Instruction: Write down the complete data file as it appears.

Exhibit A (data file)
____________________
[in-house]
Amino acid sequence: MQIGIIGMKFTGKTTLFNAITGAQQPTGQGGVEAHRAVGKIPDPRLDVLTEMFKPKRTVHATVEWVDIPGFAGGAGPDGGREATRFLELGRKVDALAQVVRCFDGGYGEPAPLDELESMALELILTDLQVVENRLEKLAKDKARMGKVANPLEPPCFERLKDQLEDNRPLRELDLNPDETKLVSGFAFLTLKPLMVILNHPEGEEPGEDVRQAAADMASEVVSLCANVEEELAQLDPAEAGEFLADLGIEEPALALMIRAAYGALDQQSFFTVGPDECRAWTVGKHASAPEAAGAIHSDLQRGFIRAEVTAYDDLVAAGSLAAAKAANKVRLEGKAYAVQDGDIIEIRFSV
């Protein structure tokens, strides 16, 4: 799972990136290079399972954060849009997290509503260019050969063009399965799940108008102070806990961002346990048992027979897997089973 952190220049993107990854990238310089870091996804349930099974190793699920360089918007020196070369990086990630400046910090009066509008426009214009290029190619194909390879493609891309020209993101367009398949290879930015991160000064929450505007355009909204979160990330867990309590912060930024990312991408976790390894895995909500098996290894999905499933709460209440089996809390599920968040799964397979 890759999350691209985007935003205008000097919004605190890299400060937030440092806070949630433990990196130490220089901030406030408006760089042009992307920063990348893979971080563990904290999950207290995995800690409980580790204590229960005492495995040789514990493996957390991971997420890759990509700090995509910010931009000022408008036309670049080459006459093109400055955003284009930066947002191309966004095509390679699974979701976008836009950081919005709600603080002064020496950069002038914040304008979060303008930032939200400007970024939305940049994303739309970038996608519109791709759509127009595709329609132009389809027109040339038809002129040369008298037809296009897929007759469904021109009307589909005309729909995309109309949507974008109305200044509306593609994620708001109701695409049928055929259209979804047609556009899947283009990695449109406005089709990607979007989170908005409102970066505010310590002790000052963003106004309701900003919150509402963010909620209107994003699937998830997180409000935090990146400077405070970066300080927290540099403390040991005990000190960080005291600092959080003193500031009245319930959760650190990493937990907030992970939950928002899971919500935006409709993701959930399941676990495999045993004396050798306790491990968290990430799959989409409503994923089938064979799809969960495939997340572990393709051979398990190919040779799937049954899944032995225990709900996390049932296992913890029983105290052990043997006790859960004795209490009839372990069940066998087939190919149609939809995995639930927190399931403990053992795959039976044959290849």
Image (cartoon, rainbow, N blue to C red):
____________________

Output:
[in-house]
Amino acid sequence: MQIGIIGMKFTGKTTLFNAITGAQQPTGQGGVEAHRAVGKIPDPRLDVLTEMFKPKRTVHATVEWVDIPGFAGGAGPDGGREATRFLELGRKVDALAQVVRCFDGGYGEPAPLDELESMALELILTDLQVVENRLEKLAKDKARMGKVANPLEPPCFERLKDQLEDNRPLRELDLNPDETKLVSGFAFLTLKPLMVILNHPEGEEPGEDVRQAAADMASEVVSLCANVEEELAQLDPAEAGEFLADLGIEEPALALMIRAAYGALDQQSFFTVGPDECRAWTVGKHASAPEAAGAIHSDLQRGFIRAEVTAYDDLVAAGSLAAAKAANKVRLEGKAYAVQDGDIIEIRFSV
């Protein structure tokens, strides 16, 4: 799972990136290079399972954060849009997290509503260019050969063009399965799940108008102070806990961002346990048992027979897997089973 952190220049993107990854990238310089870091996804349930099974190793699920360089918007020196070369990086990630400046910090009066509008426009214009290029190619194909390879493609891309020209993101367009398949290879930015991160000064929450505007355009909204979160990330867990309590912060930024990312991408976790390894895995909500098996290894999905499933709460209440089996809390599920968040799964397979 890759999350691209985007935003205008000097919004605190890299400060937030440092806070949630433990990196130490220089901030406030408006760089042009992307920063990348893979971080563990904290999950207290995995800690409980580790204590229960005492495995040789514990493996957390991971997420890759990509700090995509910010931009000022408008036309670049080459006459093109400055955003284009930066947002191309966004095509390679699974979701976008836009950081919005709600603080002064020496950069002038914040304008979060303008930032939200400007970024939305940049994303739309970038996608519109791709759509127009595709329609132009389809027109040339038809002129040369008298037809296009897929007759469904021109009307589909005309729909995309109309949507974008109305200044509306593609994620708001109701695409049928055929259209979804047609556009899947283009990695449109406005089709990607979007989170908005409102970066505010310590002790000052963003106004309701900003919150509402963010909620209107994003699937998830997180409000935090990146400077405070970066300080927290540099403390040991005990000190960080005291600092959080003193500031009245319930959760650190990493937990907030992970939950928002899971919500935006409709993701959930399941676990495999045993004396050798306790491990968290990430799959989409409503994923089938064979799809969960495939997340572990393709051979398990190919040779799937049954899944032995225990709900996390049932296992913890029983105290052990043997006790859960004795209490009839372990069940066998087939190919149609939809995995639930927190399931403990053992795959039976044959290849």
Image (cartoon, rainbow, N blue to C red):